Women Experience Greater Toxicity with Fluorouracil-Based Chemotherapy for Colorectal Cancer.
PURPOSE: The toxicity profile of fluorouracil (5-FU)-based chemotherapy given on 5 consecutive days at doses of 370 to 450 mg/m(2) has been well documented. A meta-analysis of six North Central Cancer Treatment Group (NCCTG) cancer control trials involving 786 patients indicated that women treated with this type of regimen experienced more severe stomatitis and leukopenia than men. After these findings, an additional meta-analysis of the toxicity profiles on five NCCTG colorectal cancer treatment trials was undertaken.
METHODS: Data for 1,093 women and 1,355 men from 12 different treatment arms were included. The primary end points were the incidence of stomatitis, leukopenia, alopecia, diarrhea, nausea, and vomiting, recorded with standard National Cancer Institute common toxicity criteria. Fisher's exact test was used to compare incidence and severity across sexes, supplemented by Forrest meta-analysis plots and logistic regression.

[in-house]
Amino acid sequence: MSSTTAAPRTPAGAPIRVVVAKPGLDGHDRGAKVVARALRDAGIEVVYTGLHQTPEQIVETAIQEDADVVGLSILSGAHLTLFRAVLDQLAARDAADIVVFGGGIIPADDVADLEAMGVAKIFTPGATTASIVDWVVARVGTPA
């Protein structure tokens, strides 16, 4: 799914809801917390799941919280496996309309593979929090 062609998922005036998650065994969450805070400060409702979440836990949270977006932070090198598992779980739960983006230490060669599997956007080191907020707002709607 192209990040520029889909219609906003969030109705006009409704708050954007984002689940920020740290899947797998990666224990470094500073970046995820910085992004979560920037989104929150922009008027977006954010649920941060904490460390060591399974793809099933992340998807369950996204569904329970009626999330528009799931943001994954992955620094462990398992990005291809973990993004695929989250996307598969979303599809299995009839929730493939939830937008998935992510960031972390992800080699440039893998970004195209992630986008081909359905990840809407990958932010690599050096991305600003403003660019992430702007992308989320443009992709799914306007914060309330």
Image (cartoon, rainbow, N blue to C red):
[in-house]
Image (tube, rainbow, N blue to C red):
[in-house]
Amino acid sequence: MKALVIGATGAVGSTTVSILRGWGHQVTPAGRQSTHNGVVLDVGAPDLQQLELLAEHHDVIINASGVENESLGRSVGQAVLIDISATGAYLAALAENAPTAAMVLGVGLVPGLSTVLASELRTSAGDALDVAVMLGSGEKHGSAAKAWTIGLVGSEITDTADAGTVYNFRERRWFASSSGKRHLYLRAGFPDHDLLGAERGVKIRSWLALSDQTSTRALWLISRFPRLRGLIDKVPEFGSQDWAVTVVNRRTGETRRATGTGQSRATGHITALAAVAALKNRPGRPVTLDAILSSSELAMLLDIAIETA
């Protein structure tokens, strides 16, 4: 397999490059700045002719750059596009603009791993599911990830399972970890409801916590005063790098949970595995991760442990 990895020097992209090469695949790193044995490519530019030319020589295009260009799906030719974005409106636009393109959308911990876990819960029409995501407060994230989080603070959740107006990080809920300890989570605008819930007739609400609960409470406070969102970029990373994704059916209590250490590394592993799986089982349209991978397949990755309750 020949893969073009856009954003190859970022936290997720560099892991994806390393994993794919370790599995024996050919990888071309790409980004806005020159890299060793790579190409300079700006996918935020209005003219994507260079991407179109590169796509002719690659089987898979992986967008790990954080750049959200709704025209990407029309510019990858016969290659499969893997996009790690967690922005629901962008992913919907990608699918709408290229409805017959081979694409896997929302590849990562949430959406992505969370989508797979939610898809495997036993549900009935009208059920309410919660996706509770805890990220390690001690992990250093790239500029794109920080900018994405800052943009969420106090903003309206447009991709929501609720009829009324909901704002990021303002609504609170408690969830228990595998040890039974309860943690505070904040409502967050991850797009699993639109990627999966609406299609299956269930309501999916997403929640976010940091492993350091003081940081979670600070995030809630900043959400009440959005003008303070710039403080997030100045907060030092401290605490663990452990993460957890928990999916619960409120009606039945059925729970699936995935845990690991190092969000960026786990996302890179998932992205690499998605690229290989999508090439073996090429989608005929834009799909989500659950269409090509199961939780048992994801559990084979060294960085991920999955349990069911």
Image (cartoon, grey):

RESULTS: The incidence of four out of six toxicities studied was significantly greater for women than men; the exceptions were severe nausea and vomiting. Overall, almost half of the women compared with a third of the men experienced severe toxicity (P
CONCLUSION: This study confirms an earlier finding that women receiving 5-FU-based chemotherapy in a 5-day bolus schedule experience toxicity more frequently and with more severity than men. These data raise the question of whether the recommended initial dose of 5-FU-based chemotherapy for women should be lower than that for men.
Published In/Presented At
Sloan, J. A., Goldberg, R. M., Sargent, D. J., Vargas-Chanes, D., Nair, S., Cha, S. S., & ... Loprinzi, C. L. (2002). Women Experience Greater Toxicity with Fluorouracil-Based Chemotherapy for Colorectal Cancer. Journal Of Clinical Oncology: Official Journal Of The American Society Of Clinical Oncology, 20(6), 1491-1498.
Medicine and Health Sciences
Peer Reviewed for front end display
Department of Medicine, Hematology-Medical Oncology Division, Department of Medicine Faculty